Pope Benedict has urged Christians and Muslims to jointly defend religion from political manipulation.
Speaking at the modern King Hussein bin Talal Mosque in Amman, on the second day of his visit to Jordan, he struck a note of shared purpose between the world's two largest religions, continuing a main theme of his trip to the Middle East.
"I firmly believe Christians and Muslims can embrace (the task of cooperation) particularly through our respective contributions to learning and scholarship, and public service," he told Islamic leaders and diplomats at the mosque.
Addressing the pope, Prince Ghazi bin Muhammad bin Talal, reminded the pope of the "hurt" Muslims around the world felt in 2006 after Benedict quoted a Byzantine emperor who said Islam was irrational and violent.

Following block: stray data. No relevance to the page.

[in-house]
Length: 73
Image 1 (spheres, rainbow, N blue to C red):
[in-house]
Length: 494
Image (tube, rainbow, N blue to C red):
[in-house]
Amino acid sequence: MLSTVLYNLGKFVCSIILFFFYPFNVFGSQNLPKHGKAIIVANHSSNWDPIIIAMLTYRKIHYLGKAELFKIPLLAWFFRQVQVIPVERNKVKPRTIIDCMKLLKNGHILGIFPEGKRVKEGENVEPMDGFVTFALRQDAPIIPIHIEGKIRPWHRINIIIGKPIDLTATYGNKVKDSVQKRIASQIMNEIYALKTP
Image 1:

Prince Ghazi, a cousin of Jordanian King Abdullah, told the gathering the Muslim world "appreciated" the Vatican's clarification and accepted that the pope was not expressing his own opinion at the time but making an historical citation.
He praised the pope for his "friendly gestures and kindly actions towards Muslims" since the 2006 speech prompted outrage.